Global benefits consultant Towers Watson last month released the results of a survey measuring how employers are navigating their future health care strategy, and there are a lot of interesting points to take away from it. The study, 2012 Health Care Changes Ahead, includes responses from 440 mid- to large-size U.S. companies about their healthcare strategies in the face of the Patient Protection and Affordable Care Act.
To sum up the results, the company’s surveyed confirmed a strong commitment to health care benefits for active employees.
Some of the interesting findings related to our services include:
- A number of employers are taking advantage of new ways to deliver health care, including onsite services. Forty-eight percent of employers surveyed offer onsite health coaching and 36 percent provide onsite health centers .These services can range from onsite coaching and limited medical services to full centers with pharmacy capabilities.
- As health plan reshaping occurs, employers are considering offering more incentives within plan design for the selection and use of high-performance networks (44% in the next two to three years). Forty percent are considering using value-based benefit designs (e.g., providing a different level of coverage based on cost or quality, or evidence-based practice), and 30% are considering implementing new financial terms or performance standards for their health plans.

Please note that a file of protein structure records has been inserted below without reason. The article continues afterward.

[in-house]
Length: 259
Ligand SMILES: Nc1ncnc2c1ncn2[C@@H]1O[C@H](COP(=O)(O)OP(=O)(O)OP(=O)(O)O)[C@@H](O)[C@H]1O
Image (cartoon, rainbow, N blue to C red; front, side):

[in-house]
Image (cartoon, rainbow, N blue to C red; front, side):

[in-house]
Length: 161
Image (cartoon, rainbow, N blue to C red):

- Employers are also maintaining a focus on holding employees accountable for their health choices. Three-quarters of employers will use financial incentives to encourage individuals to complete a health risk appraisal or biometric screening, or to participate in health management programs and activities, with an additional 16% considering such incentives in the next two to three years. And over half (52%) are considering rewarding or penalizing employees based on biometric outcomes. This is in addition to the 22% taking this approach now or in 2013. Many will also reward nonsmokers and penalize smokers.
- To support employees in this effort, employers are looking to help employees access cost-effective, high-quality care. Over half of employers currently provide — or plan to provide next year — their employees with hospital price and quality data via transparency tools purchased from either their health plans or through specialty vendors.
There’s a lot to digest here, but the findings seem to be in line with what we’re experiencing at Marathon Health. Our onsite health center model provides access to high quality, high value care. And our care model guides the individual in the process of becoming a more active participant in their own health and health care. We also help our customers develop strategies around health improvements to ensure that they see important changes in the prevalence rates across the biometric outcomes we track. In a sense, what we provide is true healthcare reform.
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